Deutsch 102: AMD-Bücher
Graded German Reader
A systematic introduction to reading German. A wide variety of texts arranged in increasing order of difficulty, ranging from a text on the metric system intended for beginning 101 students to some readable and amusing pieces of fiction and folklore.
Easy reader version of the stories of Baron Münchhausen, the "lying baron" ["Lügenbaron"] who tells tales of such adventures as his ride on a cannonball, or a visit to the moon. Terry Gilliam made a movie loosely based on these stories, and an older German movie based on these tales is on reserve at the LRC for part of this semester--see the list of movies on reserve at the LRC.
An der Arche um Acht
Cute children's book based on the story of Noah's Ark. When the exhausted dove arrives in Antarctica to tell three penguins that a great flood is coming and that two tickets are reserved for them to get onto an Ark that will save them, they are faced with the dilemma of how to smuggle the third penguin onto the Ark. Meanwhile, the third penguin feels responsible for causing the Flood, as he's just accidentally killed a butterfly by sitting on it (at first, he had wanted to kill the butterfly, but the other two penguins remind him that God has told us we should not kill). The book is an attempt to tell a story that parents of any religion and non-religious parents would be equally happy for their kids to read. You may want to occasionally meet with me (Hartmut) or your instructor to ask any questions you have as you read. "Abmurksen" at the beginning is slang for "to kill": something like "to do X in."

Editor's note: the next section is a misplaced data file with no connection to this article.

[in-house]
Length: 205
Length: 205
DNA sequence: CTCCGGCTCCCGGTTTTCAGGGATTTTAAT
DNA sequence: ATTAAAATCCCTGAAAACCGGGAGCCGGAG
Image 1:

This comic book series is actually translated from the French, but is very popular in Germany (Hartmut read it as a kid...). It's about a single village in Gaul that has continued to withstand and infuriate Julius Caesar by virtue of its inhabitants' resourcefulness, stubbornness, and a strength-giving magic potion whose secret is known only to the village druid. Only Obelix, who fell into a vat of the potion as a baby, permanently possesses the strength it gives. We've ordered the first in the series. Worksheets are available to help you through it if you want them--just ask Hartmut.